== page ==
Ten Points About McDonald’s and Sustainability
On March 20, 2009, Jack Daly, senior vice president of corporate relations and chief communications officer of McDonald’s Corp., presented “Sustainability and Corporate Responsibility: The McDonald’s Story,” which contained the following excerpts:
- Sustainability and corporate responsibility for us are merging into the same meaning. Sustainability originally referred to environmental and supply chain concerns, but it is evolving to include those actions and values that enable us to operate in a responsible and profitable manner over the long haul. Now they are flip sides of the same coin.
- When you look behind the headlines of today’s economic meltdown, trust – or actually the lack thereof – is the recurrent theme. If profit was the prime mover of the time period we’ve been exiting, trust will be the No. 1 goal for the time period we are moving into. Our vision is to be the world’s most trusted restaurant organization.
- One conclusion of the 2009 Edelman Trust Barometer report is that companies that are seen as responsible are significantly more likely to be supported in their efforts to sell goods and services, change local laws and attract investment. If consumers trust you, everything becomes easier.
- Since its inception, McDonald’s built an enormous amount of trust and goodwill based on our products, service and community involvement. But in the 1990s, with the advent of the Internet, there was increased concern over globalization, the environment, nutrition and employment practices. Non-governmental organizations such as People for the Ethical Treatment of Animals and Greenpeace called on big corporations to act more responsibly. McDonald’s suffered a backlash.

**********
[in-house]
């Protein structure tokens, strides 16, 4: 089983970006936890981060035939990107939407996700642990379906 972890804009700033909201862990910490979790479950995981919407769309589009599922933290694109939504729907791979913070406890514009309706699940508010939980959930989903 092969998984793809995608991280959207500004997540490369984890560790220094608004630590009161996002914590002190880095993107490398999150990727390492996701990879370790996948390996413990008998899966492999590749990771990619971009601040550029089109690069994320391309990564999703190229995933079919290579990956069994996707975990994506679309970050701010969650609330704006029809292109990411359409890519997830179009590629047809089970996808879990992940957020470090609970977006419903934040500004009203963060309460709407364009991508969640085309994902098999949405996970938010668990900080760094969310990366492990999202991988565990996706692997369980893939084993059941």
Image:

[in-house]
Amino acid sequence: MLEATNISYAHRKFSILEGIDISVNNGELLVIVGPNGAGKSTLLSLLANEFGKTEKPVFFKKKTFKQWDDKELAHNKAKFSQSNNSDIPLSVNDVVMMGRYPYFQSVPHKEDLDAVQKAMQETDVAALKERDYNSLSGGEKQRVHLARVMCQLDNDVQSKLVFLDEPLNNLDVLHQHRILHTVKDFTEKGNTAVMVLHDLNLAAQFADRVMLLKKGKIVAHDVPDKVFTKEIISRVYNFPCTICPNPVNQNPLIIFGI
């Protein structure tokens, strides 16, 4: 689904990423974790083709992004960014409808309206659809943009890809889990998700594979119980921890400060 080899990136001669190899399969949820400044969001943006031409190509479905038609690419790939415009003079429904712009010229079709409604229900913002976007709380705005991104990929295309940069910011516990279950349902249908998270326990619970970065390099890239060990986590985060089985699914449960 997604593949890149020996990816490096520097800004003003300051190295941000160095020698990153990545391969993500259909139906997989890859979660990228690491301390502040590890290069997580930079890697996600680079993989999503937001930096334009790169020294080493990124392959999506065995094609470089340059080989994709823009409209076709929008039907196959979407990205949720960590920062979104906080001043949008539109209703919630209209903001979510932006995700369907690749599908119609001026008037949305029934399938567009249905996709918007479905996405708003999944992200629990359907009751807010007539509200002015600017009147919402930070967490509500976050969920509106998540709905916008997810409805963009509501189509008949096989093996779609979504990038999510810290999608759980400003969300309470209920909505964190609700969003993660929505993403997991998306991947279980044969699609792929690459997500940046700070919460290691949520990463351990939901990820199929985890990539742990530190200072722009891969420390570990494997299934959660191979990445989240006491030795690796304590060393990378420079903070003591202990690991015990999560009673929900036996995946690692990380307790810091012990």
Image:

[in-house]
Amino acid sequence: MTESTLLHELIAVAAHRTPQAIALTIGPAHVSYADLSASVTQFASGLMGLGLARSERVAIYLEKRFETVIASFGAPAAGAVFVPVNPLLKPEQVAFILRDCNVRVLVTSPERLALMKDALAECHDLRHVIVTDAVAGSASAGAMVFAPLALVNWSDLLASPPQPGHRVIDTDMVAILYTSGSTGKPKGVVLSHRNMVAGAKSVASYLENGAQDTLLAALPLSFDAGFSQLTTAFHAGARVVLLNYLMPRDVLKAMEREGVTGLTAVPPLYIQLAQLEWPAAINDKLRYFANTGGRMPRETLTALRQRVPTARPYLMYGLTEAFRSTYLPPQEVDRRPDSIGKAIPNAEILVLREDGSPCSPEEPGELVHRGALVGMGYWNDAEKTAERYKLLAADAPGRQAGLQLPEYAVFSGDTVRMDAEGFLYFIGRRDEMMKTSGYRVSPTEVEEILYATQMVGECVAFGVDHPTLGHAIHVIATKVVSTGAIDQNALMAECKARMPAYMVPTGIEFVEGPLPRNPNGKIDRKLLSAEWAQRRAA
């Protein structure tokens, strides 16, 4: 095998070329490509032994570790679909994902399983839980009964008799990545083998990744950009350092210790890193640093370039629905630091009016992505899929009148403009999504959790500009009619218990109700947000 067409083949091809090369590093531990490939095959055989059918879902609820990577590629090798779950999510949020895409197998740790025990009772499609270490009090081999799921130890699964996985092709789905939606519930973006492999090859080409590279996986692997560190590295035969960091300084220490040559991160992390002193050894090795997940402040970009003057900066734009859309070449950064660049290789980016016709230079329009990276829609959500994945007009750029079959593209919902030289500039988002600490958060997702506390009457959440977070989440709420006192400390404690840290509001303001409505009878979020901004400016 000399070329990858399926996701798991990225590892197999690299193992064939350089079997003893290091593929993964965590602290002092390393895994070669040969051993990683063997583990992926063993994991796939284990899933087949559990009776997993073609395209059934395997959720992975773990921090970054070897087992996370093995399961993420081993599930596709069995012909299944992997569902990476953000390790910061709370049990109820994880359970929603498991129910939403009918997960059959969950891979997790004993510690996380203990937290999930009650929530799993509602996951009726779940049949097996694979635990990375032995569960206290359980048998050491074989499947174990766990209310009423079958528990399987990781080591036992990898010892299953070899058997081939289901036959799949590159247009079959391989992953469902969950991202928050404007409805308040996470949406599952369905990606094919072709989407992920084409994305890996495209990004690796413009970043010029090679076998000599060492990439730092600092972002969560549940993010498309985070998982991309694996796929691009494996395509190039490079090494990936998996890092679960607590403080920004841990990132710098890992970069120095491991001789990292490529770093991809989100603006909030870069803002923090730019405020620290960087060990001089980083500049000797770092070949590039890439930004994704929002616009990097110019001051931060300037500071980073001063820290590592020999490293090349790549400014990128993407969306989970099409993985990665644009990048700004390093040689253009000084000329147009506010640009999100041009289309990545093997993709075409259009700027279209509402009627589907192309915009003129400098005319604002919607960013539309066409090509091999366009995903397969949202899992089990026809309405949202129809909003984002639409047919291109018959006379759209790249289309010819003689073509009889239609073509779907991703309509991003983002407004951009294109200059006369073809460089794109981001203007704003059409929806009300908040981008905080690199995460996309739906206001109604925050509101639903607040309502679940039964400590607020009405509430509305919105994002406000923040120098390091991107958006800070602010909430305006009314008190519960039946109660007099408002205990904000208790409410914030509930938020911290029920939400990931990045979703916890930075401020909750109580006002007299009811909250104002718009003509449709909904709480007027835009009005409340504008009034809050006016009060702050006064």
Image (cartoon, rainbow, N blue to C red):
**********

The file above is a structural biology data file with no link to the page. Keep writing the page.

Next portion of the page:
- Around 2000, we decided we needed to become much more proactive in communicating what was good about McDonald’s. We decided to learn from our critics rather than surrender the stage to them, and we forged relationships with nongovernment organizations. We realized that if we didn’t engage with critics and fix things, we would be in decline. Today, we partner with them in areas such as nutrition, animal welfare, and sustainable sources of supplies.
- Our sustainability efforts include: eliminating trans fatty acids in products, teaching life skills to employees, supporting sustainable agriculture, promoting animal welfare standards, making packaging materials from recycled fiber, and using sustainable logistics such as recycling cooking oil into biodiesel to fuel our trucking fleet.
- We’ve collaborated with Greenpeace and other organizations to develop a moratorium on using Amazon rainforest land for soybean production. Greenpeace helped us get the story out there. Greenpeace and McDonald’s never will be in complete agreement on all issues, but we hope we can partner on things that are important to McDonald’s and Greenpeace as well as our customers.
- To boost our image overseas and combat anti-Americanism, in 2001 we created the Open Door program in France, in which we invite people to come into the restaurant, even in the kitchen, to see what we are all about. Today, McDonald’s France enjoys some of our system’s highest trust scores.
- In Germany, we introduced the Quality Scouts program, in which members of the public can audit any aspect of our restaurants and suppliers – from farm to fork – and they comment publicly on their findings. It has been very successful in our goals to be open and accessible and demonstrate pride in our business.
- Our formula for growth is to continue building restaurants in 10 markets that we believe are very big. They include China, Eastern Europe, Spain, Italy and the United States, which still has a lot of potential for growth. We only grow where people want us to be and where we can do well financially.